In "Life of Pi" why does Pi become a Hindu?  Can you describe Hinduism for me?  

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mrs-campbell eNotes educator| Certified Educator

One reason that Pi mentions for being a Hindu is that when he was young, too young to even remember consciously, his mother and aunt brought him to Hindu rituals, and the sensory experience of those rituals somehow stuck with him and felt natural and like home to him.  He states,

"I am a Hindu because of sculptured cones of red kumkum powder and baskets of yellow tumeric nuggets, because of garlands of flowers and pieces of broken coconut, because of the clanging of bells to announce one's arrival to God..."

He goes on for several paragraphs describing all of the rich, sensory experiences that being  a Hindu brings, and explains that all of these are embedded in him, as a part of who he is.  So, he is Hindu because the sensory experience of being one feels right to him, and is as ingrained in him as memory.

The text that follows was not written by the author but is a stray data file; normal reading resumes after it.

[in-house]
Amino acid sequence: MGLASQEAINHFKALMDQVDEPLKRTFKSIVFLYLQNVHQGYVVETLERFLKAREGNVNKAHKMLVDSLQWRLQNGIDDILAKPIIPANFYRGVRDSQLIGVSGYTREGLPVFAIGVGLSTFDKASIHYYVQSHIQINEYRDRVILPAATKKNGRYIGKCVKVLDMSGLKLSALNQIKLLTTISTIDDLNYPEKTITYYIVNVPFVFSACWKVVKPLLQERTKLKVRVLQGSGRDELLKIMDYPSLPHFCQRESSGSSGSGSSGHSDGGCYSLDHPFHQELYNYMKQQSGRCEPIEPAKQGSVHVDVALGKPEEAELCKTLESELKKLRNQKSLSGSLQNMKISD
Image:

He states that he is also Hindu because of the rites and rituals that explain the universe to him.  He loves the stories, rituals, explanations and rites that the Hindus practice; he is moved by their beauty, by their simple complexity and by their seamless definition of existence.  For a more detailed explanation of what Hinduism entails, Pi outlines it in the 3rd paragraph of chapter 16.

I hope that those thoughts help a bit; good luck!